Package Review Policy

Purpose

In order for a new package to be added to Fedora, the package must first undertake a formal review. The purpose of this formal review is to try to ensure that the package meets the quality control requirements for Fedora. This does not mean that the package (or the software being packaged) is perfect, but it should meet baseline minimum requirements for quality.

Applicability

Reviews are done for:

  1. New packages,

  2. Package renames,

  3. Old packages that were once retired returning to the collection,

  4. Packages merged from the old Fedora Core repository.

Some new packages are exempt from the review process. The Packaging Committee maintains the list of criteria.

The Packaging Committee can grant exceptions to the normal package review process. This may happen, for instance, if a large number of similar packages are being submitted at once or if a package is being updated to a new major version while the old version is being kept in the distribution with a different name. The process for granting exceptions is described at Packaging Committee#Review Process Exemption Procedure.

Review roles

There are two participant roles in the review process, the Contributor and the Reviewer. Other people are also allowed to comment on the review on informal basis.

The Contributor is someone who wants to submit and maintain a new package in Fedora. There are no restrictions on who can submit a package for review. However, the review can only be accepted if the Contributor is member of the packager group. This may mean that the Contributor has to Get Sponsored into the Package Group while the review is in progress.

The Reviewer is someone who chooses to review a package. The Reviewer must be a member of the packager group when the review starts.

Review process

The package submitted by the Contributor must adhere to the Packaging Guidelines. It must not be in list of Forbidden Items.

The Contributor requests a review of their package by making its specfile and SRPM available in a public url and posting a review request in Bugzilla as described in Package Review Process.

The Reviewer finds the package by looking for unassigned reviews and assigning themselves to it. The Contributor may also actively ask for a review if needed. These tasks are described in the Package Review Process.

The Reviewer reviews the package based on Packaging Guidelines, in particular Review Guidelines. A package that does not violate any MUST items can be approved. Violations of SHOULD items do not prevent approval, but a reasonable attempt should be made to satisfy them. The Reviewer can also comment on other items not covered by the guidelines. Such additional comments must not affect approval of the package.

The Contributor must address any issues raised by the Reviewer until the Reviewer is satisfied with the package. The Contributor should also consider the possible informal feedback given by other people. However, the review is ultimately between the Contributor and the Reviewer, with the Reviewer judging if the package can be approved or not.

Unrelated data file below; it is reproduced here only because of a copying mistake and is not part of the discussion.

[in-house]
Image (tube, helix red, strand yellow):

The review continues until one of the following conditions are met:

  • The Reviewer is satisfied with the package and approves it.

  • The Reviewer determines that the package cannot be approved for some reason and rejects it.

  • The review stalls as described in Stalled reviews and is closed.

If the package is legally risky for whatever reason (known patent or copyright infringement, trademark concerns) the Reviewer must reject the review and leave an appropriate comment, (e.g. we do not ship codecs with patent issues). They must also mark the review as blocking FE-Legal.

Stalled reviews

Occasionally package reviews fail to make forward progress due to lack of response from one of the parties involved in the review. This policy addresses two classes of reviews: Those stalled because the review submitter is not responding, and those which have been assigned to a reviewer but are stalled because that reviewer is not responding. The idea is to move the ticket to a state where other interested parties can submit the package or take over the review. Of course there is no intent to punish anyone, and tickets can always be assigned back to the same reviewer or reopened.

Reviewer not responding

  • When a review ticket is assigned to a reviewer who does not respond to comments for one month, a comment is added to the ticket indicating that the review is stalled and that a response is needed soon.

  • If there is no response within one week, the fedora‑review flag is set to the empty value. The ticket is reassigned to nobody@fedoraproject.org (use the Reassign bug to owner and QA contact of selected component radio button for this) with the intention to move the ticket back to a state where another reviewer can work on it.

Submitter not responding

  • When the submitter of a review ticket has not responded to comments for one month, a comment is added to the ticket indicating that the review is stalled and that a response is needed soon.

  • If there is no response within one week, the ticket is closed with resolution NOTABUG, and the fedora-review flag is set to the empty value.

  • The bug may be set as blocking FE-DEADREVIEW. The intention is to close the bug so that it can be submitted by someone else in a separate bug, and also to make it easy to find bugs closed in this way.

If the bug is resubmitted by someone else, it is also reasonable to change the resolution on the closed bug to DUPLICATE and mark it as a duplicate of the new bug so that reviewers of the new ticket can easily find the work that was done on the old one.